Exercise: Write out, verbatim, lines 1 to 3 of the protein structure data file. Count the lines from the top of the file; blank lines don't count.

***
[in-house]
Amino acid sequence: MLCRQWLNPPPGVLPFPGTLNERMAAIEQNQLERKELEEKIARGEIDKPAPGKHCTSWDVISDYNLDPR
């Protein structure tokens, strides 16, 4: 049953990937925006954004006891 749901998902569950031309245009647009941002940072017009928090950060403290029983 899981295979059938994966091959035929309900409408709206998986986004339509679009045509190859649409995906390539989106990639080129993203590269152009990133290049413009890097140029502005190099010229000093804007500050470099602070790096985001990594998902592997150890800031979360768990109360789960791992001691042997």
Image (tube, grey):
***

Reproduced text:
[in-house]
Amino acid sequence: MLCRQWLNPPPGVLPFPGTLNERMAAIEQNQLERKELEEKIARGEIDKPAPGKHCTSWDVISDYNLDPR
């Protein structure tokens, strides 16, 4: 049953990937925006954004006891 749901998902569950031309245009647009941002940072017009928090950060403290029983 899981295979059938994966091959035929309900409408709206998986986004339509679009045509190859649409995906390539989106990639080129993203590269152009990133290049413009890097140029502005190099010229000093804007500050470099602070790096985001990594998902592997150890800031979360768990109360789960791992001691042997």